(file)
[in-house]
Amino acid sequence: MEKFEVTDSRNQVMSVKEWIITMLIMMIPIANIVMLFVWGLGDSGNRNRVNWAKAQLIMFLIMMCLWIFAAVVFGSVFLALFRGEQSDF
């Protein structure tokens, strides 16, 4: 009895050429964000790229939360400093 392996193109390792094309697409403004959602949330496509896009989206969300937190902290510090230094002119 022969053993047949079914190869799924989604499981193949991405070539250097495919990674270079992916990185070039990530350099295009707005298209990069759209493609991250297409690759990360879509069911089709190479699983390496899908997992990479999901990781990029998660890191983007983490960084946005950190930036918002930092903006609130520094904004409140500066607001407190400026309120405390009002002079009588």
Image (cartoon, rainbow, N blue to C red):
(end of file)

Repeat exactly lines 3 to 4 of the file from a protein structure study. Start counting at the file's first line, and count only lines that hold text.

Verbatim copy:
């Protein structure tokens, strides 16, 4: 009895050429964000790229939360400093 392996193109390792094309697409403004959602949330496509896009989206969300937190902290510090230094002119 022969053993047949079914190869799924989604499981193949991405070539250097495919990674270079992916990185070039990530350099295009707005298209990069759209493609991250297409690759990360879509069911089709190479699983390496899908997992990479999901990781990029998660890191983007983490960084946005950190930036918002930092903006609130520094904004409140500066607001407190400026309120405390009002002079009588």
Image (cartoon, rainbow, N blue to C red):